1. “Too often, command in the Air Force is viewed as a test of the individual for future service rather than an opportunity for the organization to succeed and thrive under proven leadership. This over-arching focus on testing the individual rather than the success of the unit has resulted over time in a correspondingly shallow program to formally prepare you for command.” Sharing Success, Owning Failure

    I’d re-write that final sentence to state that the focus of leaders upon themselves is what has systematically failed the future of our military services. However, as it has been said many times in many places already, the narcissism of ‘toxic leaders’ places their self-interest above that of their subordinates, but most importantly their units and the success of military purpose of those units.

  2. The guy, ahead of the guy, ahead of the guy must recognize his need for counsel, counsel, counsel as well. Nothing more damaging long term than an unstoppable monster. Good reminder, thanks.

  3. Great article! I very much enjoyed the thesis and some of your solutions. My constructive criticism

    What’s missing from the solutions recipe is the *career incentive* the military designs for the next batch of Lt. High-Flyer so that s/he doesn’t become Col. Toxic. Without changing the criteria that s/he views an neccessary for promotion (or other career incentives like favorable billeting, special pays, graduate education), there is almost no reason Lt. High-Flyer would take the hard path of painful self-development over the easy path of becoming a toxic leader.

    My salient point is this: Becoming a toxic leader is simply easier. Until we build an incentive to get over that bar, the careerism of the present won’t change.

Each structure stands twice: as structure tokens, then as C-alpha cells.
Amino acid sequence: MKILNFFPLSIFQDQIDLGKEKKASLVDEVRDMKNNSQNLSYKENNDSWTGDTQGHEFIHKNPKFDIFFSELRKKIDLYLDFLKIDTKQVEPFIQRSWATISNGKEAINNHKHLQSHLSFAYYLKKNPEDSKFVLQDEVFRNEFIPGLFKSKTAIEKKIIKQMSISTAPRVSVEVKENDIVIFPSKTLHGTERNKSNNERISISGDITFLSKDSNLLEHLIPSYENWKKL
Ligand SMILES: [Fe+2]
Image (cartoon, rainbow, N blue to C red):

• Exactly, Mr. Vieira.

      Only if Lt. High-Flyer can be convinced that his future success is tied to learning the right way to lead and that toxic leadership would ensure future failure, then we’d develop fewer lazy, toxic leaders.

      As you note, the issue is, how?

  4. Great post! I think what is missing is a definition of what a leader is and a definition of what a toxic leader is. This will make it easier for your readers to identify and reflect on what a toxic leader is. I provided some resources below. Since I am an Army officer I have provided the Army definition an Army leader.

    Army Leader defined (ADP 6-22):

    An Army leader is anyone who by virtue of assumed role or assigned
    responsibility inspires and influences people to accomplish organizational
    goals. Army leaders motivate people both inside and outside the chain of
    command to pursue actions, focus thinking and shape decisions for the
    greater good of the organization.

    A definition of Toxic Leadership from Army magazine (http://www.ausa.org/publications/armymagazine/archive/2012/06/Documents/Ulmer_0612.pdf)

    “Toxic leaders are individuals
    whose behavior appears driven by self-centered careerism
    at the expense of their subordinates and unit, and whose
    style is characterized by abusive and dictatorial behavior
    that promotes an unhealthy organizational climate.”

    Another good article that offers a definition is this one from a Military Review article in 2004 (http://www.carlisle.army.mil/usawc/dclm/Toxic_Leadership.pdf)

    Leadership Counts!!!!

  5. I think this a great look at what we can do to avoid toxic leaders if we are not toxic leaders. But, how do we stop toxic leaders when we have toxic leaders?

    One thing to think about though is to imagine toxic leadership as a viral gene something that a leader can give to his subordinates to change their genetic code (their leadership style). This gene has two affects. For some, they transform into toxic leaders. For others, it destroys their motivation. Some are able to fight back and retrieve their motivation, some can fight back and remain a true Army leader, but most are infected with the newly encoded DNA and it is not easily reversible. You don’t know your infected either since it changes you DNA without symptoms. Toxic leaders spread this gene because leaders are role models.